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Class D Switching Power Amplifiers and Power D/A conversion

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Old 30th December 2017, 11:31 AM   #11
FauxFrench is offline FauxFrench  France
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Fully right that the decoupling proposed by me relates to unregulated 50z/10ms (double rectified) power supplies. And, if you use a good (fast) SMPS or a good quality laboratory power supply they can regulate in less than 10ms. But, with the (probably simple) SMPS shown (likely to be intended for LED lights) or power adapters intended to charge laptops, they may have a slow regulation loop. Both LED lights and laptop batteries are very static loads and a slow regulation loop is cheaper to implement and remains stable with an increased range of loads.
You can try the actual power supply out with an oscilloscope and load-switching but then the work becomes more cumbersome.

This is why I normally use 4700uF-20000uF to be sure, for the moderate costs (compared to the amplifier).

When you have a solid bass transient (like a prominent bass drum) you need the charge to be available for the amplifier, either by charge available in the decoupling capacitors or charge quickly made available by the regulated power supply.

Last edited by FauxFrench; 30th December 2017 at 11:36 AM.
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Old 30th December 2017, 06:07 PM   #12
ICG is offline ICG  Germany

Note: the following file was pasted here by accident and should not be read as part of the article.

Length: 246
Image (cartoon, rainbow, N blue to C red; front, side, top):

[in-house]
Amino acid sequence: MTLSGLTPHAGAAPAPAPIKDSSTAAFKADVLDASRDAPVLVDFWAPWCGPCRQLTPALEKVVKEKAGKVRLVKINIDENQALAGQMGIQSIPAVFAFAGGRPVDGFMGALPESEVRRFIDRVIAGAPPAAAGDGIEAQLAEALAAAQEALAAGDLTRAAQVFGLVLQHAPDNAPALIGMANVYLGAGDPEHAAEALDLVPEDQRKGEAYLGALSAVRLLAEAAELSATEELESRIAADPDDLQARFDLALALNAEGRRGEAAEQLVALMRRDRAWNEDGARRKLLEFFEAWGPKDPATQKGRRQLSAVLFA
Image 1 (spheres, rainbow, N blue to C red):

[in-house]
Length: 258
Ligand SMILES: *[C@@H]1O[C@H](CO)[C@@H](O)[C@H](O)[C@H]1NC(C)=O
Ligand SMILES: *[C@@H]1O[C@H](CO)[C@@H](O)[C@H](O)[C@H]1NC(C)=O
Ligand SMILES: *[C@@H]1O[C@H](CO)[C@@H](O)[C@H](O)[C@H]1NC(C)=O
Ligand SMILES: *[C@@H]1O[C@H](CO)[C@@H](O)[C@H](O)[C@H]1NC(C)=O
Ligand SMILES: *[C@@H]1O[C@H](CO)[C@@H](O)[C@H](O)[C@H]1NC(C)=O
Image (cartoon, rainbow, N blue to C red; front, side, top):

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Quote:
Originally Posted by taita View Post
I didn't use this power supply for the first failing amplifier. I tested this one using a 12V battery. I think the first amplifier was already failing when I received it (buyed it second hand).

The power supply did it very well even on the highest levels before the second amplifier failed on a low level. I'm in doubt amortizing this power supply and buying a new one.
That's not impossible but not likely and I doubt with that description it's the fault of the power supply. I'm really sorry if I start that again and might annoy you with it - but are you absolutely sure you did not connect the - of the amp with the enclosure or ground? A friend wanted to measure his amp and it failed while measuring it with a scope. He was so adamant he did not short the output, I had then a look onto his setup. He was using one channel of the scope on the input, the second on the output, to compare them. What happened? The short was completed with the ground/negative of the probe, it connected the bridged output with the shielding, which in turn, was connected on the board to the - of the power supply. Another time he connected the - to the enclosure, ofcourse with the same result.
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Old 30th December 2017, 10:57 PM   #13
FauxFrench is offline FauxFrench  France
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To taita:
Your first amplifier seems to be real TK2050, thus, genuine Tripath with TP2050 bridges. Very low THD (if it worked).
If there are no screws holding the heatsink, it is likely to be glued to the ICs with thermal glue and then very difficult to remove. It is perhaps possible, as described in the article, but with a risk that the copper tracks on the PCB will be damaged.
Did you do the 10 Ohm test on this board?